Review: Contemporary American Theater Festival (CATF): ‘The Wedding Gift’

Chisa Hutchinson’ The Wedding Gift takes its audience into a fascinating world: an exotic “paradise” where matriarchy rules and the white / black power dynamic is turned on its head, where the citizens speak a strange foreign language and where nothing is as it seems.

Jason Babinsky and Damian Thompson. Photo by Seth Freeman.
Jason Babinsky and Damian Thompson. Photo by Seth Freeman.

Directed by May Adrales, The Wedding Gift with its many twists and turns will keep you guessing until the final curtain.

Margaret Ivey plays the alluring Nahlis, princess in this tropical world of lush appetites. She has just been married to the sleek Beshrum, played by Damian Thompson.

Nahlis is bored by the nuptials and by the parade of expensive gifts brought before her by her supplicants.

Then Doug the slave, played by Jason Babinsky, is rolled in, crouching in his cage. He will be Nahlis’ “pet.”

When Nahlis and Beshrum’s wedding night romance goes nowhere, one doesn’t need to guess where Nahlis turns for sugar.

The cast of THE WEDDING GIFT. Photo by Seth Freeman.
The cast of THE WEDDING GIFT. Photo by Seth Freeman.

Funny, terrifying, and excellently performed, The Wedding Gift fills the stage with splendor and ritual and a “what if” scenario as rich as The Planet of the Apes.

Bianca Laverne Jones plays Kamsuh, the queen of this strange world. She and her husband, the regal Torosh, played by Brian D. Coats, rule with a firm grip. They deem, particularly Kamsuh deems, what can and cannot be.

The actors do marvels with the “gibberish,” clarifying intent with each unknown sound and bold gesture, but, don’t worry, there are translators: first, the sympathetic Onjah, played by Nafeesa Monroe, and then the pedant-like “pet” doctor, played by Edward O’Blenis.

A host of attendants round out the cast: Mikayla Bartholomew, Tyler John Fountleroy, Tré Henley, Ciara Monique McMillian, and Vincent Ramirez.

Margaret Ivey, Nafeesa Monroe, and Damian Thompson. Photo by Seth Freeman.
Margaret Ivey, Nafeesa Monroe, and Damian Thompson. Photo by Seth Freeman.

David M. Barber designed the visually stunning sets for this “other” world, with lighting by D.M. Wood adding magnificent highlights. Peggy McKowen created the costumes of bright colors, swooping hemlines, and elevator shoes that left a towering effect as sublime as it is terrifying.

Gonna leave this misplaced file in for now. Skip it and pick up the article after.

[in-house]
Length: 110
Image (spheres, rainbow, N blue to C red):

Original music and sound by Nathan A. Roberts and Charles Coes is at times imperial and at other times as cork-screwy as a Three Stooges’ comedy.

Fight Director Aaron Anderson makes it clear that in this world, the fist is mightier than the pen.

When a play is dominated by a language no one in the audience really understands, when we watch the goings-on without direct association to the world we live in, when we are simply witnesses to the people and events unfolding before our eyes … normal references vanish and meaning is subsumed by the sensual.

In other words, what we mean no longer emerges from what we say or even from what we meant to say: we mean what we do.

Hutchinson’s play leaves it to others to determine its significance, for with The Wedding Gift what you see is what you get, while what you think you see never was at all.

The Wedding Gift and The Contemporary American Theater Festival (CATF) continue through July 31, 2016. Tickets to CATF and for The Wedding Gift can be purchased through the Theater Festival Box Office, by calling (800) 999-CATF (2283), or by purchasing them online.

LINKS:
Review of ‘Contemporary American Theater Festival (CATF): ‘pen/man/ship by Robert Michael Oliver.

Review: Contemporary American Theater Festival (CATF): ‘20th Century Blues’ by Robert Michael Oliver.

Review: Contemporary American Theater Festival (CATF): ‘Not Medea’ by Robert Michael Oliver.

Review: Contemporary American Theater Festival (CATF): The Second Girl’ by Michael Robert Oliver.

Review: Contemporary American Theater Festival (CATF): ‘The Wedding Gift.’

Spine: The 26th Contemporary American Theater Festival: Ed Herendeen’s 26th Snapshot of America’s Theatrical Culture.

Contemporary American Theater Festival (CATF) Playwrights Interviews: Part 1: Susan Miller and “20th Century Blues” by Sharon J. Anderson.

Contemporary American Theater Festival (CATF) Playwrights’ Interviews: Part 2: Christina Anderson and “pen/man/ship” by Sharon J. Anderson.

Contemporary American Theater Festival (CATF) Playwrights Interviews: Part 3: Allison Gregory and “Not Medea.”

Contemporary American Theater Festival (CATF) Playwrights Interviews: Part 4: Ronan Noone and “The Second Girl by Sharon J. Anderson.

Contemporary American Theater Festival (CATF) Playwrights Interviews: Part 5: Chisa Hutchinson and “The Wedding Gift” by Sharon J. Anderson.

Susan Miller’s website.

Sharon J. Anderson’s website.

Allison Gregory’s website.

Ronan Noone’s website.

Chisa Hutchinson’s website.

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Robert Michael Oliver
Poet, Performer, Theatre Artist, Playwright, Educator, Writer--Robert Michael Oliver, Ph.D., has been involved in the DC arts scene since the 1980s, when he co-founded The Sanctuary Theatre in the old sanctuary of Calvary United Methodist Church. Since those fierce days in Columbia Heights, he has earned his doctorate in theatre from University of Maryland, raised two wonderful children, and seen more theatre as a reviewer over the last two years than he saw in the previous thirty. He now co-directs, along with his wife Elizabeth Bruce, the Sanctuary's Performing Knowledge Project, which organizes a host of writing and performance workshops, plus Mementos: Poetry and Performance for Seniors, a yearly literature-in-performance Fringe Festival show, as well as Performetry--a monthly poetry and prose performance event at DC's community arts & culture center BloomBars.